Warning: My X-ray pictures are in here. If you don't like looking at stuff like that, maybe you should skip this one.
So here's how it all went down.
On the afternoon of December 4, I was in the mother's room at work on the fourth floor, doing the pumping thing that I do three times a day. Of course I was totally multitasking - getting some work done, going over my to-do lists, making a couple phone calls - distracted, I guess. I grabbed my milk and my laptop and headed back to my desk on the third floor, like I always do, taking the back stairs, like I always do.
About eight steps before I reached the third floor, my foot slipped off the front of the stair. I was wearing these cute ballet flats I had just picked up, and my left foot just slipped. I came down on my left toe on the next step and sort of wobbled there, trying to catch myself, deciding whether to sacrifice the laptop. I rocked what turned out to be the wrong way and my leg bone kind of came down independently of my ankle.
I looked at it and instantly knew it was dislocated. I mean, you could tell - it was just not right. I screamed, mostly at the guy who had just passed me in the stairs, "My ankle is OUT! It's OUT! Call a doctor!" A couple people came to be with me in the stairs, and a few more came in because they heard me yelling (and of course the stairwell has perfect acoustics). The security guards, who have basic medical training, came to sit with me while we waited for the paramedics to arrive. A couple friends called Travis, gathered my things, and notified my boss.
The paramedics came and gave me and IV with Fentanyl for the pain (sweet relief!), and then I got my first ambulance ride. There were a lot of firsts that day: first broken bone, first surgery, first general anesthesia, first, hospital stay...
They rolled me into the ER. The PA there took one look at my mangled ankle and said "Have you ever had surgery? You're going to have surgery today." They took some x-rays. In order for the ankle to dislocate, the leg bones have to break in about three places. It's called a trimalleolar fracture. Even to the untrained eye, it was clearly not right at all.
The orthopedic surgeon came down to reset my ankle. They knocked me out to do this. Apparently they put me under and I looked over at the nurse and said, "Heeeeeeey, buddy!" like I was talking to Andrew. And then while they were setting my bones, I kept telling them to stop Andrew from jumping on my leg. I introduced myself to the ortho doc three times. Fun stuff.
After they reset my ankle, I felt much better. As in, pretty much no pain at all! In fact, I said they could just leave it like that and I'd be fine! Unfortunately, it had to be reinforced for daily life and weight-bearing, so I would still need surgery. But it looked pretty nice right then.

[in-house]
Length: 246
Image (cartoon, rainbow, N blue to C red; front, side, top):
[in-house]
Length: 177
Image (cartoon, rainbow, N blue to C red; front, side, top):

I went up to pre-op around 8:30p - less than six hours after I even broke the thing. When I woke up, I had a plate and ten screws in my leg. Technically the surgical procedure was an open reduction and internal fixation (ORIF), which I guess is pretty standard for this (fairly common) injury.
I stayed overnight in the hospital, and enjoyed the help of the nurses. I was discharged around 2pm the next day, about 24 hours post-injury.
The first few days at home were tough, painful, and awkward. After that, it started to get better, first slowly, then more quickly. Travis has been an absolute champ, almost completely taking over care of the kiddos, preparation of meals, and management of the house. Our sitter, Maggie, has helped a ton, including staying overnight with the kids on the night I had surgery. Some dear friends made us some meals. My mom came into town for a long weekend.
I've been in really good spirits for the most part, which has surprised me. I've only had one really bad mood day (and one day with a migraine, which, whoa). I think that I credit my kids with keeping my chin up. It's hard to get down when you've got a baby who smiles at you like you are her entire world while she's nursing, and a rambunctious toddler who loves you so much that he's perfectly happy to sit and read books all day just so he can sit next to you.
It's hard. Maybe the hardest thing we've done so far. But we're making it, day by day.
The prognosis is still a little fuzzy. I'm going in for my two week check up on Thursday. They will take x-rays, and I think they will have a much better idea of when I'll be able to start weight bearing and then the long road of rehab.
My postpartum goal of climbing at least one 14er next summer still stands!
And now some pure cuteness: